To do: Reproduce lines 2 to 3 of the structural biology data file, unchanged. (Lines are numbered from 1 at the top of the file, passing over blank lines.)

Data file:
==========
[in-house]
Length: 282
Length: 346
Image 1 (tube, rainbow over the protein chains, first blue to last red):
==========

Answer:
Length: 282
Length: 346